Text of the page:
What does Donald Trump mean for the people’s privacy? This is a question asked, but not answered. America’s 56th presidential election has left the world reeling and to swallow the bitter pill of uncertainty. With the President-elect almost reinventing himself during his victory speech, everyone is questioning his policies ahead of his inauguration.
So what can we learn from the past?
The President-elect has supported the National Security Agency’s (NSA) bulk phone metadata collection, revealing a year ago that surveillance came before privacy when it came to collecting data. After Apple Vs FBI, when Apple refused to write code to hack the San Bernardino shooter’s iPhone, Trump suggested an Apple boycott to the public.
Of course, this was completely undermined by Trump tweeting after this statement from an iPhone. Then later being photographed behind a MacBook Pro.
So ‘yes’ means ‘no’ and ‘up’ means ‘down’ in Donald J. Trump’s world – perhaps this was an insight to his current identity crisis.
To add to these positions, Trump has deemed the profiling of American Muslims “common sense”, and suggested that mosques ought to be under surveillance.
“I err on the side of security.” – Donald J. Trump
Investigating a little further back into Republican government, Timothy Edgar, director of law at Brown University and ex-Director of Privacy and Civil Liberties in Obama’s White House, has predicted Trump’s pro-surveillance stance.
“Republicans typically show little sympathy on the matter… I would say pretty much any attempts to reform will come to a screeching halt, and maybe it will go backwards.”
What is the present privacy climate?
However, it’s no secret that privacy advocates haven’t been satisfied with the Obama administration. Edward Snowden revealed the full extent of the US government’s surveillance of American and global citizens, causing global outrage. Obama renewed the controversial Patriot Act in 2011, despite his previous stance that it infringed the population’s privacy rights. The whistle was blown by Edward Snowden in 2013 on the NSA’s mass surveillance programme, and Obama was forced to dial back surveillance activities.
However, Snowden’s lawyer, Ben Wizner, of the American Civil Liberties Union, has spoken a warning of the current presidential powers.
“The danger of the aggregation of executive power we have seen over the last decade is that we might have an executive who is not worthy of that trust. This has been a trend in the US but there has been a weakening of constitutional oversight during the growth of the national security state.”
“I think many Americans are waking up to the fact we have created a presidency that is too powerful.” – Ben Wizner, Edward Snowden’s lawyer at director at the American Civil Liberties Union
John Napier Tye, a whistleblower in 2014 and ex-state department official, has also surveyed the weaknesses in current privacy policies.
“Obama and Bush could have set the best possible privacy protections in place, but the trouble is, it’s all set by executive order, not statute. So Trump could revise the executive order as he pleases. And since it’s all done in secret, unless you have someone willing to break the law to tell you that it happened, it’s not clear the public will ever learn it did. Consider that even now, the American people still do not know how much data on US persons the NSA actually collects.”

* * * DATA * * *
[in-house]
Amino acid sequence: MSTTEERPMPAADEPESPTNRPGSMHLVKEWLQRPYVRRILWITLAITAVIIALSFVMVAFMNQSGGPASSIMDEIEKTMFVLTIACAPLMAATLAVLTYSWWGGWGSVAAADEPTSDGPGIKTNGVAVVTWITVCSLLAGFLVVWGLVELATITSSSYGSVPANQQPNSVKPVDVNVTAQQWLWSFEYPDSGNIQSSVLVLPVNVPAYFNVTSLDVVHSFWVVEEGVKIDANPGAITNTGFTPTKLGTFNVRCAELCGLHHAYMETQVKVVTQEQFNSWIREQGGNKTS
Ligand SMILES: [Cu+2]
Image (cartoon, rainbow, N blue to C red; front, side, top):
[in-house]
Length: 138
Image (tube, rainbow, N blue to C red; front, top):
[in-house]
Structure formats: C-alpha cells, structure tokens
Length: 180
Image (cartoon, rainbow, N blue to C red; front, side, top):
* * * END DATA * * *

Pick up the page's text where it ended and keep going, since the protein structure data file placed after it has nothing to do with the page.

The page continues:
The crystal ball is murkier than ever – what does the future hold for privacy in the US?
A major turning point will be in December 2017, when the FISA Amendments Act of 2008 will expire. This legislation enables the NSA’s PRISM surveillance program. Using data taken from the tech giants, “it specifically authorises intelligence agencies to monitor the phone, email, and other communications of US citizens for up to a week without obtaining a warrant, provided one of the parties to the communications is outside the US” Neil McAllister reports.
But the tech giants haven’t been willing to sit back and allow this use of data. Jan Koum, co-founder of WhatsApp, has told Reuters that the instant messaging company will be “extremely vocal” against efforts to allow the government to get past encryption and other data protection measures. The CEO has cited concerns for American companies’ reputations as the reason for this.
This sort of opposition is a consensus in the tech industry, indicating a war effort on their part to secure privacy rights. Microsoft President and Chief Legal Officer Brad Smith has already addressed the issues between Trump and tech companies, and urged a future strategy of unification in his blog post.
“It will remain important for those in government and the tech sector to continue to work together to strike a balance that protects privacy and public safety in what remains a dangerous time.
As this election demonstrated, technology now plays a ubiquitous role in our daily lives. But people will not use technology they do not trust.” – Brad Smith, President at Microsoft
These debates are likely to continue, unless Trump pulls off his attempt at unifying the divided American nation. But, it is hard to predict the future. “Nobody knows what he’ll do. I don’t know if his past statements should be taken as gospel or if it’s more about emotions.” Jay Edelson, an attorney and CEO of law firm Edelson PC commented.
Political power problems ahead?
As Forrester’s data protection report has found, countries are seeking surveillance powers which conflict with privacy rights. We can see a similar cause rising in the US – Trump has no concerns with renewing the Patriot Act, which affects both foreign and American citizens.
When Donald Trump reminisced of the hack of the Democratic National Committee’s email server, he spoke thus:
“I wish I had that power…Man, that would be power.”
And he’s got it.
Source: The Political Insider